There has been a lot of media buzz in the last few weeks surrounding Jordan McNair, a 19-year-old University of Maryland football player, who died two weeks after being hospitalized following a team work out on May 29th of this year, and for good reason. To shed light on this tragedy, I decided to have my friend David Otey on as this week's featured guest. David is a Strength and Conditioning specialist based out of New York City. David is the 2015 Fitness Manager of the Year for Equinox and has been featured in several major fitness publications on the topics of strength and Conditioning.
David recently wrote an article titled The Fine Line Between Building Toughness & Being Destructive after several current University of Maryland football players and people close to the team described a toxic coaching culture under head coach DJ Durkin and Strength and Conditioning Coach Rick Court before offensive lineman Jordan McNair's death (ESPN.COM). To be fair, in this episode we are discussing issues within the Maryland football program which are largely allegations at this point, with many conflicting reports. Regardless, a young man lost his life in pursuit of playing a game, which he probably loved at some point in his life. When I first started this podcast, I sought out to be the voice for athletes who weren't as lucky as me and I would be doing Jordan and his family a disservice if I remained silent on the incident.
Jordan McNair lost his life after suffering from exertional heat stroke. If you remember back a couple of years I posted a series of episodes with the experts from the Korey Stringer Institute where we discussed everything there is to know about illness. After we hear from David, you will hear an excerpt from Episode 38 with Dr. Douglas Casa, CEO of the Korey Stringer Institute and both a survivor and an expert on exertional heat stroke. In this part of the episode, we learn about the signs, symptoms and treatments for exertional heat stroke.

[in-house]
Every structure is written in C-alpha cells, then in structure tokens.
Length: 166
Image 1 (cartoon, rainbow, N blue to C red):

Below are some topics David and I touch on throughout the first part of this interview:
What took so long for this conversation to start?
What lead to losing site of the health and safety of the Maryland football players?
The expense that comes with crossing the line in training.
"It shows a cultural problem that Jordan knew that if he stopped, they would challenge his manhood, he would be targeted," one of the current players said. "He had to go until he couldn't."
"We always talked about family, but whose family talks to you like that, calls you a p---y b----?" a third former staffer said. "There are so many instances."
"As soon as you sit out a run, you feel a little dizzy or light-headed, you're not in Champions Club anymore," a former player said.
The pressures to push yourself past your limits into dangerous territory.
Fostering a positive culture of communication through building trust.
The question every strength coach and trainer should ask themselves before working with a team or a client (on a daily basis).
"Somebody only cares what you say when they know you care."
The similarities between a "tough workout" and heat stroke.
The role of technology in protecting the health of athletes in the future and how the Atlanta Falcons do this today.
"Throwing up is not a badge of honor."
The importance of building a strong foundation and earning your intensity.
Healthy incentives for goal setting when it comes to athletic performance.
Intrinsic vs. Extrinsic rewards
Why this incident is a societal issue.